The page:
Students who take too long to earn bachelor's degrees are the frustration of parents, college leaders and policy makers alike -- who see the six-year bachelor's degree (or longer) as being more expensive for all involved, and particularly wasteful when many campuses are bulging due to increased enrollments.
SEATTLE -- A few years ago, gatherings of community college leaders commonly featured discussions of the unfairness and inaccuracy of using graduation rates to measure institutional success. There were no shortages of arguments to make: Many community college students don't want a degree, or they transfer before earning one, or they just wanted to take one course anyway, or they can only afford to take one course at a time.
WASHINGTON – Young adults are less likely to have earned a degree than their older counterparts, according to a new report from the Brookings Institution that gathers nearly a decade’s worth of data from the government's American Community Survey and foreshadows next year’s release of the 2010 Census.
CHICAGO -- Institutional researchers are higher education's version of a utility infielder. That doesn't mean they lack expertise: They specialize in bringing data to bear on issues and problems, and explaining and interpreting those data to campus constituents who often come at the information from widely varying viewpoints. Their versatility comes, though, in the wide range of subjects they touch and of decisions over which they have some influence.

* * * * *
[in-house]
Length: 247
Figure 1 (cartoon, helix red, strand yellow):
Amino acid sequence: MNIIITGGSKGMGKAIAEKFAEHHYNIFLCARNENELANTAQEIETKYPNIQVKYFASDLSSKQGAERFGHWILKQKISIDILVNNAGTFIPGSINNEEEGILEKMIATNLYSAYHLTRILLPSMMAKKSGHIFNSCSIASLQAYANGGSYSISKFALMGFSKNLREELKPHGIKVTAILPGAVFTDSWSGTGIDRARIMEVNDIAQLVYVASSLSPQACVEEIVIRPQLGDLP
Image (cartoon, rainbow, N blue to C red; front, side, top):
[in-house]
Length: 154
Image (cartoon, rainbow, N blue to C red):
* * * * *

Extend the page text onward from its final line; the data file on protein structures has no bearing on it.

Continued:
AUSTIN, TEX. -- The major associations of community colleges all have recently endorsed the idea that two-year institutions need to focus more on retention and completion issues, and generally are in agreement on some of the steps they should take so greater shares of students achieve various goals. But how much progress is realistic to expect? And how much progress can take place in just a few years?
As hot higher education ideas go, the three-year bachelor's degree continues to get a lot of attention and praise. Most recently, an op-ed in The New York Times made the case for three years of undergraduate study.
Freshmen who have many of their courses taught by adjuncts are less likely than other students to return as sophomores, according to a new study looking at six four-year colleges and universities in a state system. Further, the nature of the impact of adjunct instruction varies by institution type and the type of adjunct used, the study finds.
President Obama has used his bully pulpit to focus attention on the "college completion" agenda like no one else can. But if the United States is actually going to make meaningful progress on increasing the number of Americans with college credentials, it's going to be up to the states -- whose public institutions enroll roughly four of every five students -- to get the job done. And systemic change in the states will occur only if their chief executives -- governors -- get with the program.